Greece will require additional debt relief within the next 12 months even after the bond-swap offer that ends on Thursday, said Peter Bofinger, an economic adviser to the German government.
Given that Greece?s debt load will remain at ?very high levels? after the writedown, policy makers will have to begin thinking about further debt relief in the next ?half a year? that could involve cuts among ?official bondholders.?
?What will have to be achieved is a real debt relief for Greece — and it will have to come in the next 12 months,? Bofinger said in an interview from Berlin on Thursday with Bloomberg Television.
The Greek government?s offer to private bondholders to exchange 206 billion euros ($271 billion) of debt, the biggest sovereign restructuring in history, ends at 10 p.m. Athens time. Euro-area finance ministers are due to discuss the results at 2 p.m. tomorrow Brussels time.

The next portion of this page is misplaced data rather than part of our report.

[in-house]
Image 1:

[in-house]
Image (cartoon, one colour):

Investors holding about 60 percent of the bonds eligible for the swap have so far indicated they?ll participate. The Greek government has said it wants participation above 90 percent and is seeking a minimum level of 75 percent, including with use of so-called collective-action clauses forcing holders of bonds under Greek law into swapping.
The swap ?will go through,? and markets won?t be jarred should a majority fall short of the targeted amount, Bofinger said.
?I think that the markets are aware of the risk that a majority for voluntary restructuring is not available, and so I think the surprise won?t be too big if tonight when they realize the collective action clauses will have to be applied,? he said.
Greece?s situation will remain ?very difficult,? with the swap trimming the country?s outstanding debt to 161 percent of gross domestic product from 164 percent, Bofinger said. European leaders aim to reduce the figure to 120.5 percent in 2020.